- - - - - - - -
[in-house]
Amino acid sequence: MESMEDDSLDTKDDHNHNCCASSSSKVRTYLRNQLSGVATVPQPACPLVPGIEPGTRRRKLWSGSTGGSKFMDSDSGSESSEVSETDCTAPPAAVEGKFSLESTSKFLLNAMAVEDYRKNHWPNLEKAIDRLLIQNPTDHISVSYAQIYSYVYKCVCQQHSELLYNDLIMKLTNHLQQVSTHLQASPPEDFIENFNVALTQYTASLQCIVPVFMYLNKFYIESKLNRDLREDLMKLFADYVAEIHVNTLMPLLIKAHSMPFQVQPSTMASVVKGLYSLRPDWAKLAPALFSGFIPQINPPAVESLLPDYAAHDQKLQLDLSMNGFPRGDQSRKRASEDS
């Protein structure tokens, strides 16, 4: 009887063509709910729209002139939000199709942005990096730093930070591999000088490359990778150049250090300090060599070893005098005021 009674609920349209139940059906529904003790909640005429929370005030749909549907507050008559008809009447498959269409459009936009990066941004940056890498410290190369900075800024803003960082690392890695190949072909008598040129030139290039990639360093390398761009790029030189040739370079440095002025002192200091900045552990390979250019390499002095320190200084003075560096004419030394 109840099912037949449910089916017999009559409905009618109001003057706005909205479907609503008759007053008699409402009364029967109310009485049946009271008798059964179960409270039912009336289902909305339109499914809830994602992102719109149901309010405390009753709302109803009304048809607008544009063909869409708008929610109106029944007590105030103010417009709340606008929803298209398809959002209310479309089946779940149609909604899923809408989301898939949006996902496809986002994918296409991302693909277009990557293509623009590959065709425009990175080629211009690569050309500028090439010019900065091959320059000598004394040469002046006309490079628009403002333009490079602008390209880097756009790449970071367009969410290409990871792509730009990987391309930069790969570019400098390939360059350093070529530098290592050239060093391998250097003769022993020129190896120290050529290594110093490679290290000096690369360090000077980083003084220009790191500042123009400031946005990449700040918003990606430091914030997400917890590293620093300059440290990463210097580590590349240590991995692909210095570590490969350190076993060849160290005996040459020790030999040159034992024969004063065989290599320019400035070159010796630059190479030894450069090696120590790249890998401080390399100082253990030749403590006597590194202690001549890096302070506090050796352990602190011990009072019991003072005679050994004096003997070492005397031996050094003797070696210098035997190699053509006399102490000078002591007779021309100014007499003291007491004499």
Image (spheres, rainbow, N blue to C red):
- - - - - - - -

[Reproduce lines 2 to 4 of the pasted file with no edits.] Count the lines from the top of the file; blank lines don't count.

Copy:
Amino acid sequence: MESMEDDSLDTKDDHNHNCCASSSSKVRTYLRNQLSGVATVPQPACPLVPGIEPGTRRRKLWSGSTGGSKFMDSDSGSESSEVSETDCTAPPAAVEGKFSLESTSKFLLNAMAVEDYRKNHWPNLEKAIDRLLIQNPTDHISVSYAQIYSYVYKCVCQQHSELLYNDLIMKLTNHLQQVSTHLQASPPEDFIENFNVALTQYTASLQCIVPVFMYLNKFYIESKLNRDLREDLMKLFADYVAEIHVNTLMPLLIKAHSMPFQVQPSTMASVVKGLYSLRPDWAKLAPALFSGFIPQINPPAVESLLPDYAAHDQKLQLDLSMNGFPRGDQSRKRASEDS
């Protein structure tokens, strides 16, 4: 009887063509709910729209002139939000199709942005990096730093930070591999000088490359990778150049250090300090060599070893005098005021 009674609920349209139940059906529904003790909640005429929370005030749909549907507050008559008809009447498959269409459009936009990066941004940056890498410290190369900075800024803003960082690392890695190949072909008598040129030139290039990639360093390398761009790029030189040739370079440095002025002192200091900045552990390979250019390499002095320190200084003075560096004419030394 109840099912037949449910089916017999009559409905009618109001003057706005909205479907609503008759007053008699409402009364029967109310009485049946009271008798059964179960409270039912009336289902909305339109499914809830994602992102719109149901309010405390009753709302109803009304048809607008544009063909869409708008929610109106029944007590105030103010417009709340606008929803298209398809959002209310479309089946779940149609909604899923809408989301898939949006996902496809986002994918296409991302693909277009990557293509623009590959065709425009990175080629211009690569050309500028090439010019900065091959320059000598004394040469002046006309490079628009403002333009490079602008390209880097756009790449970071367009969410290409990871792509730009990987391309930069790969570019400098390939360059350093070529530098290592050239060093391998250097003769022993020129190896120290050529290594110093490679290290000096690369360090000077980083003084220009790191500042123009400031946005990449700040918003990606430091914030997400917890590293620093300059440290990463210097580590590349240590991995692909210095570590490969350190076993060849160290005996040459020790030999040159034992024969004063065989290599320019400035070159010796630059190479030894450069090696120590790249890998401080390399100082253990030749403590006597590194202690001549890096302070506090050796352990602190011990009072019991003072005679050994004096003997070492005397031996050094003797070696210098035997190699053509006399102490000078002591007779021309100014007499003291007491004499």
Image (spheres, rainbow, N blue to C red):